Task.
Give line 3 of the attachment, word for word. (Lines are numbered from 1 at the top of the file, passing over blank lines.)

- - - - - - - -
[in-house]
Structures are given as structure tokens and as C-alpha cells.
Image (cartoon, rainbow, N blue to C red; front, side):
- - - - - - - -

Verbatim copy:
Image (cartoon, rainbow, N blue to C red; front, side):